Middle East Cybersecurity Teams Want More Budget

More than half of cybersecurity leaders in the Middle East cite a lack of funding as the top challenge in doing their jobs.

According to new research from Deloitte, some 51% of respondents cited the lack of funding, compared to 36% of security leaders worldwide.

That said, cybersecurity spending in the Middle East and Africa is set to top $238 billion in 2024, according to Gartner — a huge rise from a projected $2.6 billion in 2022 — in light of increased attacks against targets in the regions.

Guy Rosenthal, vice president of product at DoControl, says that is evidence of the focus and concern about cybersecurity in markets such as the Middle East.

“It’s very common even in markets like Europe and Eastern Asia for organizations to prioritize cybersecurity only after they reach a certain size,” he says. “Now that organizations in the Middle East are gaining attention from threat actors, they have to up their game — and therefore their spending on cybersecurity.”

Easier to Start Fresh

Spending on cybersecurity varies from organization to organization, Rosenthal says, but ramping up a cybersecurity program is easier nowadays, and without the the technical debt of long-standing cyber programs.

“[These security leaders] are free to explore and embrace new innovations like enterprise browsers to solve multiple problems like secure Web gateway, zero trust, etc. instead of embracing complex — and at times expensive — secure access service edge implementations,” he says. “There are pros and cons to starting fresh, and the pros, like being able to nimbly embrace innovation, are often overlooked.”

Jose Seara, CEO and founder at DeNexus, says adoption of tools built on automation and artificial intelligence can be easier and faster to deploy, as well as more effective in detecting new generations of cyber threats.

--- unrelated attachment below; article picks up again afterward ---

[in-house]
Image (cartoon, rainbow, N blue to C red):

“With evidence-based data showing where their business and infrastructures are most vulnerable, what types of cyberattacks have the highest probability, and what’s the potential return of risk mitigation strategies, [organizations] can optimize their cybersecurity budget to address the most acute cybersecurity weaknesses,” Seara says.

Cyber Training Is Crucial

Nearly 70% of respondents in the Deloitte report say training and certification programs are key to engaging, retaining, and developing cybersecurity talent.

Tariq Ajmal, cyber leader at Deloitte Middle East, says training programs and certifications are available in the Middle East, especially with the prominence of the English language in the region’s business ecosystem — particularly in cybersecurity.

“Organizations across the region need to ensure their people get the opportunity to upskill themselves and evolve to keep up with the continuously changing landscape,” Ajmal says. “This demonstrates the importance of raising awareness among organizations about the need for real investment in this space as cyber continues to get deeper into every sector and industry.”

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